This JCL Roundtable discussion probes the knowledge of 3 experts in pediatric lipidology, an emerging discipline both in the United States and internationally. In the 1990s, only 3 US institutions could be said to have dedicated pediatric lipid clinics; that number has grown to 25 today. The Pediatric Atherosclerosis Prevention and Lipidology Group of the National Lipid Association has regular teleconferences to support advocacy and convey best practices. Guidelines for pediatric lipidology initially focused on low-density lipoprotein cholesterol in 1992 as part of the National Cholesterol Education Program. Today the most comprehensive coverage comes from the 2011 National Heart Lung and Blood Institute Pediatric Guidelines. Universal screening was recommended for children between ages 9 and 11 years and teenagers/young adults between 17 to 21 years, a position echoed as “may be recommended” by the 2018 AHA/ACC/Multisociety Cholesterol Guidelines. While pediatric lipidologists continue to treat uncommon genetic disorders, they increasingly confront an issue of epidemic proportions—dyslipidemia as the initial presentation of metabolic dysregulation associated with obesity. Consequences of such altered metabolism extend to atherosclerosis, diabetes, liver disease, and other serious problems in adult life. Pediatric lipid science and practice differ from adult experience in several ways, including importance of family and birth history as well as genetics/epigenetics, lack of general pediatricians’ familiarity with lipid drugs, value of family counseling, need for biomarkers of early metabolic dysregulation, and anticipation of endpoints in adult life not fully defined by randomized clinical trials in children.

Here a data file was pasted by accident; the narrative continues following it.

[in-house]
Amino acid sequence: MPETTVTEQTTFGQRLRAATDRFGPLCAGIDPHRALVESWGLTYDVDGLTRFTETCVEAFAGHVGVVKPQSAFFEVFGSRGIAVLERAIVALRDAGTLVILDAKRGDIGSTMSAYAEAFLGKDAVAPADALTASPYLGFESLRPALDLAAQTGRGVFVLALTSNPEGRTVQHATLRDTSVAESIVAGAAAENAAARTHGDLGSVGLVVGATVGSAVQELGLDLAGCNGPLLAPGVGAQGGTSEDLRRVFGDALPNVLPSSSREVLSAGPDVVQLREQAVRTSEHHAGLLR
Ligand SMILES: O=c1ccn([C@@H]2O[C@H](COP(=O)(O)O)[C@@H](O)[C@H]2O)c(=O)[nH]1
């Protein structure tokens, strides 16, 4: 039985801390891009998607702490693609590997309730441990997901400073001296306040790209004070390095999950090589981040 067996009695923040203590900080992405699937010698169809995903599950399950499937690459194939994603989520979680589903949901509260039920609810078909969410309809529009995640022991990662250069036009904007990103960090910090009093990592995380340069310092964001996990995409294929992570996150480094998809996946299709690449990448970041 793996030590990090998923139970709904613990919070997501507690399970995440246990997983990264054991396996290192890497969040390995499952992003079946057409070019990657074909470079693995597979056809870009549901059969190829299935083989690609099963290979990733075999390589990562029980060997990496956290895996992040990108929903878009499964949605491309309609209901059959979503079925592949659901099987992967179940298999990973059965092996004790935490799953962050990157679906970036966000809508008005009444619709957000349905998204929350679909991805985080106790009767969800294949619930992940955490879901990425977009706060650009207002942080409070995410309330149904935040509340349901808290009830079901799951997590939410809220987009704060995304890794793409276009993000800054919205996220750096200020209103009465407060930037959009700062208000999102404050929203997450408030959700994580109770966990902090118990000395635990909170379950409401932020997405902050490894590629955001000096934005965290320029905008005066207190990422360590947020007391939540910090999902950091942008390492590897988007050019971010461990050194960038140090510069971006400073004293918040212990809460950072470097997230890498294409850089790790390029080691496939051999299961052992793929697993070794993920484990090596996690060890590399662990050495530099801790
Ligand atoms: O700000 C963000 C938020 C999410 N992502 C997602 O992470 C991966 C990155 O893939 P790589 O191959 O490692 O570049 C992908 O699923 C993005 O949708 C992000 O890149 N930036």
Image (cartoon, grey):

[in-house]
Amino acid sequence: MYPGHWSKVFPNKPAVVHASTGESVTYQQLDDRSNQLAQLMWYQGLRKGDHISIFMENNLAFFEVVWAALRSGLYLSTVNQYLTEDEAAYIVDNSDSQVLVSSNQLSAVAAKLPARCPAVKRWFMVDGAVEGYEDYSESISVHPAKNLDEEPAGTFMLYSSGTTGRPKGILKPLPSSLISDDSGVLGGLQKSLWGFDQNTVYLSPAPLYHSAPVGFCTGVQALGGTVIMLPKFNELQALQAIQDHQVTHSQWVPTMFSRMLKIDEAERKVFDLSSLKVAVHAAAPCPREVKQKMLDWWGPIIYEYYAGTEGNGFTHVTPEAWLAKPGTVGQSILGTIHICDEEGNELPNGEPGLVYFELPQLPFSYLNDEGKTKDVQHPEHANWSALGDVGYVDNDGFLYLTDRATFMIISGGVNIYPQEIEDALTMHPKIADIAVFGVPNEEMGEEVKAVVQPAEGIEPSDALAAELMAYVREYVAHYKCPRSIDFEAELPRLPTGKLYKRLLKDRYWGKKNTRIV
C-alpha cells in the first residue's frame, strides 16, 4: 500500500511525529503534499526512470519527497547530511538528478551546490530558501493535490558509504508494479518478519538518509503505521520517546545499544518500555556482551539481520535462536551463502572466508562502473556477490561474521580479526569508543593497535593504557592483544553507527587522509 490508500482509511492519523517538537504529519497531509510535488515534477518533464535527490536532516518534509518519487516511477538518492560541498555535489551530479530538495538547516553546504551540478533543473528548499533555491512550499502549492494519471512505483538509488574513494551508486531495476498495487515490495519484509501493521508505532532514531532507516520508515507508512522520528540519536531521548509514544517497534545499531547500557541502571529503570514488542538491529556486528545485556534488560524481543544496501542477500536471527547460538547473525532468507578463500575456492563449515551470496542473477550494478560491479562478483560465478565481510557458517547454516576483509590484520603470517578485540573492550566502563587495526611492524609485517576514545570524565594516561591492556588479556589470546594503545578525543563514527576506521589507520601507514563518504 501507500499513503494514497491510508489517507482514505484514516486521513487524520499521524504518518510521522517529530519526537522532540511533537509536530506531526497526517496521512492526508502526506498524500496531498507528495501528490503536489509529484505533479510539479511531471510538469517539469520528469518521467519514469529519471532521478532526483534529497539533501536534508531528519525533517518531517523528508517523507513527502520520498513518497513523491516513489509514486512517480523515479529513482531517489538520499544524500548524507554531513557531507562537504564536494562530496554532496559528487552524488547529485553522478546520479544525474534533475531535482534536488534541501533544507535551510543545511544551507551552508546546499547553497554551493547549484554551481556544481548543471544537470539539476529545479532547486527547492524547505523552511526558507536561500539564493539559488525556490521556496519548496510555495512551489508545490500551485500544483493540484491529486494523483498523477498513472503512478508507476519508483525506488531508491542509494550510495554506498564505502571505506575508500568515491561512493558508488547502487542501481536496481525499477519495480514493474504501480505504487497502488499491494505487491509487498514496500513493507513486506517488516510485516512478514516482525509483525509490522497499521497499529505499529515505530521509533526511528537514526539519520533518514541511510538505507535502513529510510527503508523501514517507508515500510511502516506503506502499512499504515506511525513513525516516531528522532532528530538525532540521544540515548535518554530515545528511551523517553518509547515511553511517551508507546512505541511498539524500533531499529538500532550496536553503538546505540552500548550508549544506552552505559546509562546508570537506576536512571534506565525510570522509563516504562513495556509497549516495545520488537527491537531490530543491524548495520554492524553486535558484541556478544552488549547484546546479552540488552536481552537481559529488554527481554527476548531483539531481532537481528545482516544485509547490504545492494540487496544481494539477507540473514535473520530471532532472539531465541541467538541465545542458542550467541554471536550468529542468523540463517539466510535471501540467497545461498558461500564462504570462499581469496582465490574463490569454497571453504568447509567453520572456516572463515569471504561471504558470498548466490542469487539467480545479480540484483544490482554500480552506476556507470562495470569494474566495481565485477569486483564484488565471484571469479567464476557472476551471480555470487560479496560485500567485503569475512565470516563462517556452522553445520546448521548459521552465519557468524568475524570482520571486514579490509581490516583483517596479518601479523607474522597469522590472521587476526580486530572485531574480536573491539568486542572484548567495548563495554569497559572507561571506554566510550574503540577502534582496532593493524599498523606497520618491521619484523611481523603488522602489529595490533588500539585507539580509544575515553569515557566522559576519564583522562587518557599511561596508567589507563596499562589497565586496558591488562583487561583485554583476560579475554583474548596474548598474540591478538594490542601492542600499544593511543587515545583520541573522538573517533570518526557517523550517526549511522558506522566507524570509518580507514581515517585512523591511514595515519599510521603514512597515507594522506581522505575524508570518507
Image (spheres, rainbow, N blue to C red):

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© 2019 Published by Elsevier Inc. on behalf of National Lipid Association.